The animation in this show is another case of wasted potential, as Hiro Mashima's dynamic manga art gets watered down by cheap production values. While some of the individual poses are quite effective—most likely because they were referenced straight from the comic panels—trying to put them into motion just doesn't work. What passes for "movement" in this series is often characters floating across the background, or even a choppy transition from regular animation to more detailed still frames. Only during top-tier battles, like Natsu vs. Jellal, does the visual quality really step up. Despite these technical shortcomings, however, the series' fantastical sense of design still shines through: wild outfits and neon-bright colors, elaborately designed locales (more so with the Tower of Heaven than the guild's generic town setting), and a cast of wizardly foes ranging from a hair-metal rock guitarist to a visor-clad puppet master. With such striking differences in design, at least none of the fights look the same—even if the outcomes are highly predictable.
The theme music, on the other hand, shows far less creativity, with a typical rock opener and ballad closer rounding out each episode. The soundtrack adds emotional heft to flashbacks and dramatic scenes with full-orchestra scoring, but as soon as it's time for battle, the same old shredding guitars kick in again, just like in every other episode. If the fight scenes feel like a tired old routine repeating over and over, maybe it's because of the constantly recycled music.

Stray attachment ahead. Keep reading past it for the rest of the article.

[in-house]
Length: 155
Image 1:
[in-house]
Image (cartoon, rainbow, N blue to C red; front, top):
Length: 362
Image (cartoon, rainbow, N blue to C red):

Even with the storyline stuck in a formulaic pattern, the voice actors on the English dub are clearly still having fun working on the show. This recording comes with lots of enthusiasm, touches of humor in the right places, and not a single weak performance (which is to be expected after 40-plus episodes of practice). A couple of episodes also feature English-speaking commentary with the director and cast—this time focused more on discussing the series itself, rather than the details of the recording process. Other extras in this multi-disc set include the usual clean opening and ending clips, plus a cardboard slipcase and reversible cover featuring Erza.
In the heat of battle, it's easy to believe that Fairy Tail is a top-notch show—after all, what's not to like about flamboyant wizards, mix-and-match magical powers, and fighting for the sake of friendship? But after stepping back and looking at the big picture, it's clear that the series fails to live up to its potential. The story arcs in this set contain subplots that never get fully explored, while the standard ladder format of fighting one's way to the boss villain leaves no room for surprises. It also doesn't help that the fights are often presented in barely-adequate animation quality. These episodes of Fairy Tail are fun for what they are, but there'll always be that feeling of what could have been.
Overall (dub) : C+
Overall (sub) : C
Story : C
Animation : D
Art : B
Music : C
+ Energetic fight scenes, sympathetic characters, and hints of what lies ahead provide plenty of reasons to keep on following this adventure.